Teaching a Dog to Calm Down and Respect Her Owner’s Authority

By: David Codr

Published Date: September 21, 2014

RimmiRimmi is a Beagle / Lab mix who was adopted this summer. Her owner called me for help with her tendency to nip or bite when she got overexcited which was most of the time.

When I arrived for the session, Remmi’s owners had her on a leash. I usually like to see how a dog acts when a guest arrives so I know how best to treat it. That’s when I spotted the two cats. While Rimmi was able to restrain herself in their presence, their owner did not trust her with them. As a result, Rimmi remained on a leash in the apartment most of the time.

Because Remi is still a puppy, it’s important that she is able to explore and interact with the world around her other own steam to gain perspective and experience.  This is a developmental stage that will inform how she behaves throughout the rest for life. There’s nothing wrong with placing a dog on a leash when it is misbehaving but leaving a dog on a leash most of the time can have detrimental effects.

I suggested that her owner place the other place the cats in another room with a closed door at least half of the time so that Rimmi has practice being free so she can develop the ability to learn to control herself.

Almost as if on cue Rimmi decided to tear around the apartment as fast as she could. After her second circuit around the room, I grabbed her by her collar and attached the leash to it. I stood on the leash for a minute allowing me to calm down. Once she did I took my foot off the leash and a minute later Rimmi calmly walked over to one pick up one of her toys.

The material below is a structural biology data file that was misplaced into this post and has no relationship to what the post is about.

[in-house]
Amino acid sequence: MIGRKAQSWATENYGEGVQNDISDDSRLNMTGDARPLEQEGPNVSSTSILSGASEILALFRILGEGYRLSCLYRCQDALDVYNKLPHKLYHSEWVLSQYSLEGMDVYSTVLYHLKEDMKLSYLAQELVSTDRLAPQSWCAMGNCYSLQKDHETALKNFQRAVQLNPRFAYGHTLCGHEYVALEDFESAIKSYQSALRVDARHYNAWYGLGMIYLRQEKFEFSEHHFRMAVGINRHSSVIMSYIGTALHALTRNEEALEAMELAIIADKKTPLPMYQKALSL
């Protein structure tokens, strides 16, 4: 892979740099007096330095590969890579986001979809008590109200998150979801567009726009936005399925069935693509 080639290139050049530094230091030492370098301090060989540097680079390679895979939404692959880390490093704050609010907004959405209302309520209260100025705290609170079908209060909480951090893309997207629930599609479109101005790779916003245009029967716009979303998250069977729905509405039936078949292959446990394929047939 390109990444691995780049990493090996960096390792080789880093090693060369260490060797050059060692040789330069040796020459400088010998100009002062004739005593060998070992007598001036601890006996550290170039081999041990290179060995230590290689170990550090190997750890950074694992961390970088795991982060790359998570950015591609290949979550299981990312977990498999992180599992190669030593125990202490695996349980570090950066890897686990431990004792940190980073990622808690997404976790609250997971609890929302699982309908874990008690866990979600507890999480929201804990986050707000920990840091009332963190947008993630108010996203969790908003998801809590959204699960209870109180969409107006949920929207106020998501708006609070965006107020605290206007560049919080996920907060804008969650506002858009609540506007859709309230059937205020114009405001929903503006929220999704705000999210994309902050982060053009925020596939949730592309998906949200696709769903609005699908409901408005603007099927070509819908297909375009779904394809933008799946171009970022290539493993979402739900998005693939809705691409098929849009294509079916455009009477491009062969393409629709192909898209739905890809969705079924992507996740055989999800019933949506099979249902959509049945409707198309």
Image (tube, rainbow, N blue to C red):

I suggested that her owners apply the leash time out same technique to disagree with displays of overexcitement like that. However I also stressed the need for them to get her additional constructive exercise. Most dogs needs some exercise every day, puppies need more and Rimmi needs a lot. A good dog is usually a well exercised one.

I also suggested that they pick up a number of dog toys as they only had a couple of options. It’s important that a dog have plenty of things to occupy his time, especially if it’s expected to ignore cats that are in the house.  I suggested that their owner introduce these new toys one at a time and do so when the dog is showing special interest in the cats. This is a great way to distract the dog and offer it a acceptable activity instead of staring, fixating or play hunting the cats.

I went through a few communication methods and leadership exercises that her owners will be able to practice to help add more structure to Rimmi’s life. But in some regards Rimmi was almost a wild dog. Her owner told me that she couldn’t even get Rimmi to sit nicely to take a treat, so I decided to show them a recall exercise they can apply.

We all took seats at different sides of the room with a handful of high-value treats. One at a time we called the dogs over to us using the single command word of “come.” At first Rimmi bounced all over the room and jumped up on the person that called her to try to snatch the treat. I showed her owners how to disagree with that behavior by standing up and moving their hand in a way to catch her attention while discouraging the jumping up or overexcitement.

Within a few minutes Rimmi was recalling in a much better fashion; walking over immediately and sitting down properly in front of whoever gave the recall command. Normally asking a dog to come and sit isn’t that big of a deal, but for Rimmi it was. She was much calmer, was paying closer attention to her owners, and it was clear that she was starting to see them in a more authoritative light. But the best part was Rimmi was doing it on her own. No leash required.

By adding more exercise to Rimmi’s daily life and practicing the leadership and basic command exercises, Rimmi’s owners will be able to better communicate the behavior they want and disagree with what they don’t. The more they do this, the more Rimmi will see and respect them as authority figures. Combine that with more experience being free and being asked to respect rules and boundaries, Rimmi’s days of over excitement, out of control behavior will be over.

Categorized in: , , , , , ,

This post was written by: David Codr

%d bloggers like this: